`seq': Print numeric sequences
==============================
`seq' prints a sequence of numbers to standard output. Synopses:
seq [OPTION]... [FIRST [INCREMENT]] LAST...
`seq' prints the numbers from FIRST to LAST by INCREMENT. By
default, FIRST and INCREMENT are both 1, and each number is printed on
its own line. All numbers can be reals, not just integers.
The program accepts the following options. Also see Note:Common
options.
`-f FORMAT'
`--format=FORMAT'
Print all numbers using FORMAT; default `%g'. FORMAT must contain
exactly one of the floating point output formats `%e', `%f', or
`%g'.
`-s STRING'
`--separator=STRING'
Separate numbers with STRING; default is a newline. The output
always terminates with a newline.
`-w'
`--equal-width'
Print all numbers with the same width, by padding with leading
zeroes. (To have other kinds of padding, use `--format').
If you want to use `seq' to print sequences of large integer values,
don't use the default `%g' format since it can result in loss of
precision:
$ seq 1000000 1000001
1e+06
1e+06
Instead, you can use the format, `%1.f', to print large decimal
numbers with no exponent and no decimal point.
$ seq --format=%1.f 1000000 1000001
1000000
1000001
If you want hexadecimal output, you can use `printf' to perform the
conversion:
$ printf %x'\n' `seq -f %1.f 1048575 1024 1050623`
fffff
1003ff
1007ff
For very long lists of numbers, use xargs to avoid system
limitations on the length of an argument list:
$ seq -f %1.f 1000000 | xargs printf %x'\n' |tail -3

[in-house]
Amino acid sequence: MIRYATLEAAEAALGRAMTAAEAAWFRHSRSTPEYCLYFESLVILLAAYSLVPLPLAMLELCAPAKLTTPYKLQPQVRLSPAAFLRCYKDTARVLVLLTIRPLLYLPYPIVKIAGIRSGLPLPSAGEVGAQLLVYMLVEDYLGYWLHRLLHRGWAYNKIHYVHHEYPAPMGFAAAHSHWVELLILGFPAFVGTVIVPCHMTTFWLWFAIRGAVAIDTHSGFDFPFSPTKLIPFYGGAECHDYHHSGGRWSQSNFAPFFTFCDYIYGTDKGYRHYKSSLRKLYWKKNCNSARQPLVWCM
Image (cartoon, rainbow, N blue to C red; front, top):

f423e
f423f
f4240
To generate octal output, use the printf `%o' format instead of
`%x'. Note however that using printf works only for numbers smaller
than `2^32':
$ printf "%x\n" `seq -f %1.f 4294967295 4294967296`
ffffffff
bash: printf: 4294967296: Numerical result out of range
On most systems, seq can produce whole-number output for values up to
`2^53', so here's a more general approach to base conversion that also
happens to be more robust for such large numbers. It works by using
`bc' and setting its output radix variable, OBASE, to `16' in this case
to produce hexadecimal output.
$ (echo obase=16; seq -f %1.f 4294967295 4294967296)|bc
FFFFFFFF
100000000
Be careful when using `seq' with a fractional INCREMENT, otherwise
you may see surprising results. Most people would expect to see `0.3'
printed as the last number in this example:
$ seq -s' ' 0 .1 .3
0 0.1 0.2
But doesn't happen on most systems because `seq' is implemented using
binary floating point arithmetic (via the C `double' type) - which
means some decimal numbers like `.1' cannot be represented exactly.
That in turn means some nonintuitive conditions like `.1 * 3 > .3' will
end up being true.
To work around that in the above example, use a slightly larger
number as the LAST value:
$ seq -s' ' 0 .1 .31
0 0.1 0.2 0.3
In general, when using an INCREMENT with a fractional part, where
(LAST - FIRST) / INCREMENT is (mathematically) a whole number, specify
a slightly larger (or smaller, if INCREMENT is negative) value for LAST
to ensure that LAST is the final value printed by seq.